Published: June 5, 2020
Revive! Omaha honors Pastor Portia Cavitt
Community helping Community
A new series from Revive! Omaha
During the pandemic we can get overwhelmed with negative news. In keeping with the mission of Revive! Omaha, we decided to highlight people who are doing great work behind the scenes.
Pastor Portia Cavitt, or “Pastor P” as she is known in the community, is a powerhouse. She’s not afraid to voice her strong opinion while representing the community’s needs and concerns. She speaks truth to power and is always ready to develop partnerships to solve an issue.
“Pastor P is one of those people we wish we had more of…she talks the talk, and walks the walk in terms of standing up for the community,” said Councilman Ben Gray.
She is the Senior Pastor of Clair Memorial United Methodist Church. She has lived in Omaha for many years, and hit the ground running to make a measurable impact initially in South Omaha and then moved to Clair to lead that ministry. The community is blessed to have had Pastor Cavitt in her position now for 12 years, which is not typical for the UMC or AME denomination. The community takes a deep collective breath and exhales excitedly each time the decision is made for Pastor P to stay in place at Clair.
Jonathan Chapman, Head Coach at Church on Purpose and leader of the Empowerment Network’s Pastors and Faith Leaders Collaborative had this to say: “Pastor Portia is an amazing example of the power of the Church to impact lives when we translate our command to love one another into practical action. She leads by example in a way that make you want to be a part and her intimate knowledge of the obstacles facing those in need in our community positions her perfectly to advocate on their behalf. And every opportunity to do so, she takes full advantage of.”
Pastor Cavitt wears many hats. She is what some would describe as a throwback to a previous generation of pastors, with a servant leadership, community activist and hands-on style. She always makes herself available when called upon by the community. In addition to her frequent engagement with the school district board, city council members and county commissioners, Pastor P is extremely active in the community on a daily basis. She moves with seemingly unbounded energy from one event or meeting to another.
Pastor P was recently elected as the president of the Interdenominational Ministerial Alliance. The first woman elected to hold the position. She continues to play key leadership roles with many organizations including the Village Zone Pastor and Faith Leaders Collaborative as a Village Champion; board chair of the North Omaha Area Health (NOAH) clinic, the North Omaha Community Care Council and the Great Plains Black History Museum; previous board chairwoman for the North Omaha Continuum of Care; and a member of many other organizations.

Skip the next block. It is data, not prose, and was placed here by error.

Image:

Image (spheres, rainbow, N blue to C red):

“Pastor Cavitt is dedicated to making Omaha a great place for everyone to live. She always looks to help everyone reach their full potential,” said Eric Ewing, Executive Director of the Great Plains Black History Museum.
She is committed to the health of our community. Much of her work impacts community health from hosting food pantries to encouraging members of her church and community to participate in health walks and healthy behaviors. Pastor P has consistently had some of the highest numbers of participants in her health-oriented events and activities. She also has a thriving health ministry in her church and partners with the Big Garden to maintain a community garden every year on the church grounds.
She is dedicated to social justice. She co-hosts important community meetings and planning sessions at her church to address youth detention, racism, violence, fighting the expansion of liquor establishments and other critical topics.
“Pastor Cavitt is a tireless advocate for our community. She has a no nonsense, get it done approach that is very effective. She is caring and concerned about those less fortunate and at risk, and is willing to do all she can to improve their plight. This includes health disparities, social justice inequities and economics inequalities. I count it a privilege to work with her,” said Pastor T. Michael Williams of Mt. Moriah Baptist Church.
“You can count on her to be the voice of conscious that does not have an agenda only a sincere desire to help those in need,” said Chris Rodgers, Douglas County Commissioner.
She is also devoted to future generations. On a weekly basis, you will see Pastor P at a number of schools leading highly effective and well attended sessions with groups of students. She has been a major player and leader with successful community efforts at Wakonda and Mt. View Elementary, Nathan Hale and other schools. She personally teaches and sponsors groups while recruiting other pastors and leaders to attend as guest speakers and mentors.
Lisa Utterback, Executive Director for Omaha Public Schools Office of Community, School and Family Engagement had glowing praise for Cavitt. “Pastor Portia Cavitt has been incredibly dedicated to supporting students and families in the Omaha Public Schools. She serves as a positive mentor and role model, and volunteers countless hours serving others. Pastor P truly embodies servant leadership. It is a blessing to have her as an OPS advocate.”
She accomplishes all of these great things while helping foster children and her talented and impressive godson Kameron.